The fallout from the McGlade decision could also include resort to compulsory acquisition of native title where members of registered claimants refuse to sign ILUAs that are acceptable to most of the native title holders.

Further, the ramifications of the decision are likely to extend beyond ILUAs. It appears that in all circumstances, including with respect to making right to negotiate, cultural heritage and other agreements, instructing lawyers or taking steps in a native title claim, and despite any direction to the contrary that may be given by the claim group, the individuals who comprise an applicant or a registered claimant will be required to act unanimously.

Unless the Full Court's decision is overturned on appeal, perhaps only the Commonwealth Parliament - by introducing appropriate amendments to the NTA - would be able to mitigate:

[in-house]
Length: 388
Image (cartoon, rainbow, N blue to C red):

• the potential invalidity of the grant of mining and petroleum tenements and other interests;
  • the resulting exorbitant costs that could lie in store for Australian business;
  • the needless extinguishment of native title by compulsory acquisition where a full set of registered claimant signatures has not been obtained; and
  • the uncertainty associated with the requirement in every instance for applicants and registered claimants to act by consensus.

Clayton Utz communications are intended to provide commentary and general information. They should not be relied upon as legal advice. Formal legal advice should be sought in particular transactions or on matters of interest arising from this bulletin. Persons listed may not be admitted in all states and territories.